It was about a year ago I started walking across the USA, virtually. The idea is to walk in your own locality, record the miles and log in daily to the website where you are given your weekly total, your position on the map and a photo from Google Earth showing where you are. I started off with two others but early on they were abducted by aliens around Charlottesville and their sad blobs have remained static on the map ever since.

The only American I've met on route, and he half naked.

Logging in almost daily, I’ve only once, ONCE, seen a person in the picture; apart from that, America is deserted. I did see a map of the USA recently which had the eastern and western seaboards marked as ‘America’ and the rest as ‘Dumb****istan’.

I’d hoped Virginia would have been a little more interesting than it is. To be fair, the road I’m on sometimes bypasses towns. Even so, even so… It did get exciting when I got into the Blue Ridge Mountains, and I noticed with a sinking feeling last week that my road seemed to be going downhill now. And then, as I was logging in last night, I received an email saying that I’d walked 555 miles and ‘you have entered the State of KY’. As I understand it, KY is boring compared to VA – I don’t hold out much hope. From now on the trek will be rhythmic and trance-like as I enter the plains of middle America.

But wait a moment, a quick google reveals that this is the Bluegrass State, famous for its horse, deer, turkey and elk. The banner of the site for Kentucky tourism says ‘everything you need to know to enjoy Kentucky’s unbridled spirit’ – although I did notice that the largest entry in its tag cloud was BOURBON.

Five hundred and fifty five miles! The length of Great Britain is ‘just under six hundred miles’ (but Land’s End to John o’ Groats is over eight hundred). So that’s what I’ve walked in a year. So you will understand and forgive when I tell you that, while speaking to a friend and hearing his views on NHS reform, and how fat people should be made to pay for treatment because we’re self-indulgent and can’t control ourselves, I found that I could control myself – just – from an overwhelming desire to punch him on the nose. Hard. Because after all that mileage I have to report that I have not lost a single pound.

But man, I’m walking faster, breathing better, and waiting on a phone call from the doctor about a recent bloodtest which may reveal, may just reveal that the reason I have sarcoidosis is because I’m getting too much sun.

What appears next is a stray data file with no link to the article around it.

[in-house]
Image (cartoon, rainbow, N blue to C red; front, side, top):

The link to the Lawrence Berkeley Lab site for the virtual walk is

Posted by: Linda Proud | December 31, 2011

A Window on 2011

This is personal. I’m quite tempted not to do it, but while every news stream in the world is re-running tsunamis, nuclear meltdown, bankrupt nations, the ignominious deaths of dictators and riots in the streets, just for my own pleasure I want to note this as the year we got new windows.

View uncluttered by window frames

Pshaw! What a petty detail in the flow of time and event, new windows at no. 60, but these new windows could only have appeared in 2011 and sometimes such detail is a portal on to the life of ordinary mortals.

As banks wobbled our savings were under threat. As the interest rates stagnate, our savings evaporate. I’d already lost my pension thanks to the fund being with that blue chip, gilt-edged company, Equitable Life. The demise of Equitable Life, brought down by greedy shareholders with no thought to the common good, was one of the first rumbles of the coming storm.  So all we have in the bank is the balance between the sale of the last house and this one.

We started to spend it this time last year, when VAT was set to go up to 20%, and we had quite a spree but it was on fripperies such as Apple Macs, although we also bought a new boiler. In the spring our neighbour across the street moved away. She told us her house was on the market for £465K. Now she had an extension which we do not, but the house was full of problems with electrics, unfinished tiling, a front door that doesn’t open, so all in all we reckoned our house is worth much the same. It was then that we decided to spend our savings on house improvements.